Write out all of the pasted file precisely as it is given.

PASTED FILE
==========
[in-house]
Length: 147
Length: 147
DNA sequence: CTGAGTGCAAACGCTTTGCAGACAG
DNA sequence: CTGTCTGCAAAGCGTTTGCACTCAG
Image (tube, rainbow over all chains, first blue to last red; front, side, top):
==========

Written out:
[in-house]
Length: 147
Length: 147
DNA sequence: CTGAGTGCAAACGCTTTGCAGACAG
DNA sequence: CTGTCTGCAAAGCGTTTGCACTCAG
Image (tube, rainbow over all chains, first blue to last red; front, side, top):